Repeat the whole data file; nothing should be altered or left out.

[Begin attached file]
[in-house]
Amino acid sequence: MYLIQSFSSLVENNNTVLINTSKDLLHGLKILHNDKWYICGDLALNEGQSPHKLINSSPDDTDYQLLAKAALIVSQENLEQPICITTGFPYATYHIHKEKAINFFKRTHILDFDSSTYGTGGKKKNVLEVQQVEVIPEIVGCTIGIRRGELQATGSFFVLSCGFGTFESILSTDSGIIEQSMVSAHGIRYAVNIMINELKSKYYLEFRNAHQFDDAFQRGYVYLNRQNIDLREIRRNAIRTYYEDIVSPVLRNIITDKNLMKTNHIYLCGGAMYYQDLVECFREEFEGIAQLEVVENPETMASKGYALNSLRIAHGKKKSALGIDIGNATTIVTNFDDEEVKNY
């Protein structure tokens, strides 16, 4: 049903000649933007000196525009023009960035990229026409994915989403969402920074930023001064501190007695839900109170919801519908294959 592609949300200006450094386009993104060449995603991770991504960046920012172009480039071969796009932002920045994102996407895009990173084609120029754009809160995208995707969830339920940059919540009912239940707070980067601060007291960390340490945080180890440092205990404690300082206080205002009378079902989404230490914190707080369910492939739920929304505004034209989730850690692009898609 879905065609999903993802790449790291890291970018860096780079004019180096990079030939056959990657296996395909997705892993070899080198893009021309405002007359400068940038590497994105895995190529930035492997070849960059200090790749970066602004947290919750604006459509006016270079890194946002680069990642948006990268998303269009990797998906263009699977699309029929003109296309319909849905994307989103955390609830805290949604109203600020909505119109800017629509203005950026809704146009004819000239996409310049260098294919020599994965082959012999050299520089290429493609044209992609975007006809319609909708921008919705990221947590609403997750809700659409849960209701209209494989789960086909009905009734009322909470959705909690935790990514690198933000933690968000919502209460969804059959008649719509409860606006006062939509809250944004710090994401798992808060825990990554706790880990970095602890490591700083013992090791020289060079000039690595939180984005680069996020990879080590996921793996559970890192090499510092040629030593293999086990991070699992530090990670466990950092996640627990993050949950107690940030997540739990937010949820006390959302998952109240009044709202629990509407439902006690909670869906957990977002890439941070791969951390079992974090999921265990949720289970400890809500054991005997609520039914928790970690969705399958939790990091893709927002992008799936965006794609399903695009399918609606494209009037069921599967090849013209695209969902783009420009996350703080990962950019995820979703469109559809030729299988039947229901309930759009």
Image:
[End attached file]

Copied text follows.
[in-house]
Amino acid sequence: MYLIQSFSSLVENNNTVLINTSKDLLHGLKILHNDKWYICGDLALNEGQSPHKLINSSPDDTDYQLLAKAALIVSQENLEQPICITTGFPYATYHIHKEKAINFFKRTHILDFDSSTYGTGGKKKNVLEVQQVEVIPEIVGCTIGIRRGELQATGSFFVLSCGFGTFESILSTDSGIIEQSMVSAHGIRYAVNIMINELKSKYYLEFRNAHQFDDAFQRGYVYLNRQNIDLREIRRNAIRTYYEDIVSPVLRNIITDKNLMKTNHIYLCGGAMYYQDLVECFREEFEGIAQLEVVENPETMASKGYALNSLRIAHGKKKSALGIDIGNATTIVTNFDDEEVKNY
């Protein structure tokens, strides 16, 4: 049903000649933007000196525009023009960035990229026409994915989403969402920074930023001064501190007695839900109170919801519908294959 592609949300200006450094386009993104060449995603991770991504960046920012172009480039071969796009932002920045994102996407895009990173084609120029754009809160995208995707969830339920940059919540009912239940707070980067601060007291960390340490945080180890440092205990404690300082206080205002009378079902989404230490914190707080369910492939739920929304505004034209989730850690692009898609 879905065609999903993802790449790291890291970018860096780079004019180096990079030939056959990657296996395909997705892993070899080198893009021309405002007359400068940038590497994105895995190529930035492997070849960059200090790749970066602004947290919750604006459509006016270079890194946002680069990642948006990268998303269009990797998906263009699977699309029929003109296309319909849905994307989103955390609830805290949604109203600020909505119109800017629509203005950026809704146009004819000239996409310049260098294919020599994965082959012999050299520089290429493609044209992609975007006809319609909708921008919705990221947590609403997750809700659409849960209701209209494989789960086909009905009734009322909470959705909690935790990514690198933000933690968000919502209460969804059959008649719509409860606006006062939509809250944004710090994401798992808060825990990554706790880990970095602890490591700083013992090791020289060079000039690595939180984005680069996020990879080590996921793996559970890192090499510092040629030593293999086990991070699992530090990670466990950092996640627990993050949950107690940030997540739990937010949820006390959302998952109240009044709202629990509407439902006690909670869906957990977002890439941070791969951390079992974090999921265990949720289970400890809500054991005997609520039914928790970690969705399958939790990091893709927002992008799936965006794609399903695009399918609606494209009037069921599967090849013209695209969902783009420009996350703080990962950019995820979703469109559809030729299988039947229901309930759009």
Image: